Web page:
Very distinctive case for this form of disease involving an adult. The thirty year old, hereditarily unencumbered man, healthy and completely capable of work until nine days before admission into the hospital when he suddenly succumbed to fevers, beset with the symptoms of prickling and chills in the legs brought on by shivering, to which a considerable lassitude was at once associated.
The following morning when he woke out of a fitful sleep, both legs were completely paralyzed. At the same time apposed a high grade deficiency of the back and abdominal musculature, such that the patient could not right himself and only with difficulty could he deploy the abdominal press. Bladder and rectum not paralyzed. There was further wasting in the legs from paresthesia, the nerve trunk, skin and muscles neither voluntary nor sensitive to pressure.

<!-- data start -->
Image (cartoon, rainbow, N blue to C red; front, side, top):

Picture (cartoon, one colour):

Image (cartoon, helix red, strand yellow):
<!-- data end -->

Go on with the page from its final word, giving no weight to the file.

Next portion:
While the abdominal and back muscles became partially reinvigorated in the immediately following course of time, the muscle capacity of the lower extremities, steadily more and more atrophied, remained persistently abrogated. These same dgenerative reactions dragged on for a long time. This is no longer true at the time of photographing of the picture. Now the legs hang perfectly slack. They would be passively prepared for the patient according to the presupposed body posture and were locked in their locomotion, which takes place only in the hands. Patellar tendon reflex is completely extinct.
The photograph shows the patient supported by both arms (and from behind) leaning into the table. A harsh contrast of the figure forms in the slight volume of the legs commensurate to the puissantly evolved thorax and arm musculature to which is assigned the locomotion of the body, occuring vicariously for a long time.